Major problems with Mississippi Gulf Coast cities include the following: high congestion on highways during peak hours, increased volume of commercial traffic and safety risks to other auto motor traffic, high level of vehicle emissions, and lack of public transportation options for the underserved. Coastal communities face extreme traffic congestion during hurricane evacuations, which is a major hurdle for federal, state and local emergency management agencies.
The primary objective of this project and white paper is to propose sustainable rail strategies for serving commuters transportation to major employers and patrons/visitors to casinos, beaches, and other places of tourist attraction within the coastal highway corridors.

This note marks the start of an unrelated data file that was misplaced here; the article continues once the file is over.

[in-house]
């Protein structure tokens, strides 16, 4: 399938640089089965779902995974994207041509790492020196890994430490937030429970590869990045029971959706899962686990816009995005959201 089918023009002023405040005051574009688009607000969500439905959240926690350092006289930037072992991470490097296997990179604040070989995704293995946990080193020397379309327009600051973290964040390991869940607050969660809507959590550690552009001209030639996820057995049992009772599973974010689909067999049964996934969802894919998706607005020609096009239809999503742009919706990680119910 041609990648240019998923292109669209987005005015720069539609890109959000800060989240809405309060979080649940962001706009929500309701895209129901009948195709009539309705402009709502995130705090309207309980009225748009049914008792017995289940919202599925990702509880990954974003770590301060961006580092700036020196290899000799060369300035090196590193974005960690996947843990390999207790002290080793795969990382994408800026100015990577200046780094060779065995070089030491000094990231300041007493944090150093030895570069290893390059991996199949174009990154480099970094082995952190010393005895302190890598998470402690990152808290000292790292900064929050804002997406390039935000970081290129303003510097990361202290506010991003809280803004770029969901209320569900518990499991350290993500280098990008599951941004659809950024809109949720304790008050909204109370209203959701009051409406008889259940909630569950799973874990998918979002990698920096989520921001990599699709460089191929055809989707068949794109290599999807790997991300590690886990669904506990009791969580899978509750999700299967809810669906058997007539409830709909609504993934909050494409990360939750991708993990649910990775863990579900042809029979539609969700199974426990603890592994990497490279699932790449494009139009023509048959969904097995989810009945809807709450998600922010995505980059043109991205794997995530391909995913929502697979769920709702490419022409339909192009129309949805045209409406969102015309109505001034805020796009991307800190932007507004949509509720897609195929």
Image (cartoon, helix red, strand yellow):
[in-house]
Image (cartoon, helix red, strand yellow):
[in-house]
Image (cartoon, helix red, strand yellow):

The proposed commuter rail framework integrates intercity passenger rail service with local economies. Passenger rail/commuter intercity rail service is evaluated for East-West (E-W) Coastal corridor south of I-10 and North-South (N-S) Corridor along east of US-49 on the existing freight rail corridors. Technical feasibility and economic competitiveness evaluation are presented, which show that breakeven can be achieved within 6-7 years considering only direct revenues.